During our time in the wonderful country of Myanmar we had some of the most memorable, eye opening and unique experiences of our time in South East Asia. A stand out trip for us was the route we took from the small mountain town of Kalaw to the well known, stilt house lined Lake Inle. We decided instead of taking a bus that we could walk, yeah, you read that correctly! Accompanied by a local villager we walked over 80km / 50 miles over 3 days, staying on the floors of tribal homes in small villages, washing in buckets and discovering the unique way of life in rural Myanmar. We trekked over mountains and rice fields, tried local food and drink, hitchhiked and dodged buffalo carts along the dusty tracks. For us, this was one of the most rewarding experiences of Asia and just another reason we fell in love with Myanmar. Here is our kalaw to inle lake trek experience and advice!
Day One: Getting to know our guide and heading into the rice fields and our homestay
Day one we all met up at Sam’s and were divided into smaller groups, this would be who we were spending the next 3 days with! Luckily we were put into a small group, just us two and two others, a couple of lovely women from France who we would get to know well and become freinds with through our shared experience of this wonderful place. The atmosphere at Sam’s was one of trepidation, we were excited to begin what felt like had the potential to be a memorable adventure, but the thought of the kalaw to inle lake trek over 3 days was a little worrying!
The kalaw to inle lake trek began right in the town and behind Sam’s shop, it felt strange to know we would be walking all the way to our next destination, the beautiful Lake Inle. Being in such a small group it was easy to get talking as we went, learning all about local traditions, foods and the way of life out here was we walked.
It was nice to have such a close connection to the community for those three days, Htet Htet (ထက်ထက်) was from a local girl from one of the Pa’O tribal villages, along the way we would call in and meet her mother, sister and many cousins, nieces and nephews who still live a very traditional life. She told us of how she had left the village and was attending university eventually to become an English teacher.
As we strolled through countless bamboo villages and tiny farming communities, where people shouted “mingalaba” warmly over at us and waved, she explained how proud she was of her heritage, but how she longed for a different life. The start of the kalaw to inle lake trek was already intense!
It was refreshing to see how a country such as Myanmar, closed off for so many years and perceived as very conservative, allows girls even from such a remote and poor corners of the country opportunities that other generations could never imagine. Many here are still happy to marry young, become the head of a beautiful communal family and nurture their very special and unique traditions. But there was also no rejection when those like Htet Htet longed for something else.
After 15 miles trekking along remote train tracks, traversing steep rice terraces as we passed by herds of buffalo and locals, with babies strapped to their backs, tilling the field by hands, we arrived in our home for the night. A simple bamboo stilt house in a remote village up in the cold air of the mountains. Here there was no electricity, just a car battery, no running water and local transport consisted of a buffalos attached to wooden carts. This was exactly what we came on the kalaw to inle lake trek for!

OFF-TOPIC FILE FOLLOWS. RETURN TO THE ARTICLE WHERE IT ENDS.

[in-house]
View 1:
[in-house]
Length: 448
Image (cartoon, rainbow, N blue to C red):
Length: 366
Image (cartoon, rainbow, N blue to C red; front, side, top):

We showered in the ice cold water straight out of a bucket and sat in the low light of a single flickering bulb with our host and his family. Sharing stories of our homes and way of life and even swapping tattoo stories, our host had a large hand tapped tribal design on his back which is was proud to show me once he noticed by artwork!
It was humbling to see such a simple way of life on the kalaw to inle lake trek, without many of the things we take for granted and yet as the children’s laugher, the jovial singing and the chorus of animal calls echoed through the landscape we knew this was a happy place.
Day Two: Trekking through many remote tribal villages and getting to know local life
Waking up we could see the our breath against the cold morning air, it was a shock to the system after the dry and hot days down in Bagan but also provided a refreshing temperature from which to start our steep hike. After a hearty breakfast we said goodbye to our hosts for the night and began our trek which would take us a further 20km through many remote and isolated villages often only accessible by carts or walking. Time for day two of our kalaw to inle lake trek!
The second day was one where we interacted much more with the local people, stopping to chat to those who shouted us over in the small villages where many have never seen western faces as well as those working away in the fields and many by the riverside tending to their buffaloes. Through Htet Htet we were able to get a much deeper picture of life here as she translated their questions and answers as we quizzed each other with just as much enthusiasm to learn about one anothers vastly different culture.
Along the way came one of the highlights of the kalaw to inle lake trek, we called in at Htet Htet’s family home in the village she grew up in. Surrounded by her Grand children her beautiful mother invited us into her simple but homely bamboo abode for tea and local snacks.
Htet Htet’s sister also joined us, both of them wearing the traditional patterned orange headscarf of the Pa’o tribe they belonged to, however her mother would wear it differently being married and having children. Her sister spoke no English at all and through Htet Htet told us how she desired to stay in the tiny village and raise a family here, she was due to be married in the next few months, a very different life than the one Htet Htet had planned out for herself.
However the mother was proud of both girls and their choices and it really did fill me with happiness for them both that even from such a small and remote village great ambitions can be achieved but also that traditions are still being nurtured. Whilst here her mother was keen to let us try on some traditional clothing, she giggled as she dressed us head to toe in the finest Pa’O clothing and proclaimed us part of the tribe!
That night once again we arrived at an even smaller and more traditional tribal village. The farmers house where we stayed was surrounded by wonderful scenes of animals grazing and children playing as the bright orange sun set in the distance. Staying in such a wonderful community was another reason we were so keen to do the kalaw to inle lake trek!